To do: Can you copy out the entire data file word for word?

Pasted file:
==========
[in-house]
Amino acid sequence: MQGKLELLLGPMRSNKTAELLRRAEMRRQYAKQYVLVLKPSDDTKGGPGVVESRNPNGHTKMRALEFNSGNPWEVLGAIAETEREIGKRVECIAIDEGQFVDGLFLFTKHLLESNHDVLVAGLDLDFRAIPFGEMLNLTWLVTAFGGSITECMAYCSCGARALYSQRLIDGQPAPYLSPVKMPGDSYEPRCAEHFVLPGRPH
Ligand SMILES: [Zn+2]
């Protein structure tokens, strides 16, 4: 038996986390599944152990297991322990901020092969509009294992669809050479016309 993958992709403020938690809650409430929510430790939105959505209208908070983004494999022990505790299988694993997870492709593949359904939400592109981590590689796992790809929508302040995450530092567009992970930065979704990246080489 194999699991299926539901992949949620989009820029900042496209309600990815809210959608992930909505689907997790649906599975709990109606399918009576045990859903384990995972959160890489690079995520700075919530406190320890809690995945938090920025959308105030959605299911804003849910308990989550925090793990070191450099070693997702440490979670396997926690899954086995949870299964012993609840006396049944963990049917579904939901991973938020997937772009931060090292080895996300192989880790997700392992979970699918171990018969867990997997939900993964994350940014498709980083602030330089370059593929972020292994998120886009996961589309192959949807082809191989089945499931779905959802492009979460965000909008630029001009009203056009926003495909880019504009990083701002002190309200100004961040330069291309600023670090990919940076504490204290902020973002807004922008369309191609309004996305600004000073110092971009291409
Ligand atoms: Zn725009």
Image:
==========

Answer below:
[in-house]
Amino acid sequence: MQGKLELLLGPMRSNKTAELLRRAEMRRQYAKQYVLVLKPSDDTKGGPGVVESRNPNGHTKMRALEFNSGNPWEVLGAIAETEREIGKRVECIAIDEGQFVDGLFLFTKHLLESNHDVLVAGLDLDFRAIPFGEMLNLTWLVTAFGGSITECMAYCSCGARALYSQRLIDGQPAPYLSPVKMPGDSYEPRCAEHFVLPGRPH
Ligand SMILES: [Zn+2]
């Protein structure tokens, strides 16, 4: 038996986390599944152990297991322990901020092969509009294992669809050479016309 993958992709403020938690809650409430929510430790939105959505209208908070983004494999022990505790299988694993997870492709593949359904939400592109981590590689796992790809929508302040995450530092567009992970930065979704990246080489 194999699991299926539901992949949620989009820029900042496209309600990815809210959608992930909505689907997790649906599975709990109606399918009576045990859903384990995972959160890489690079995520700075919530406190320890809690995945938090920025959308105030959605299911804003849910308990989550925090793990070191450099070693997702440490979670396997926690899954086995949870299964012993609840006396049944963990049917579904939901991973938020997937772009931060090292080895996300192989880790997700392992979970699918171990018969867990997997939900993964994350940014498709980083602030330089370059593929972020292994998120886009996961589309192959949807082809191989089945499931779905959802492009979460965000909008630029001009009203056009926003495909880019504009990083701002002190309200100004961040330069291309600023670090990919940076504490204290902020973002807004922008369309191609309004996305600004000073110092971009291409
Ligand atoms: Zn725009």
Image: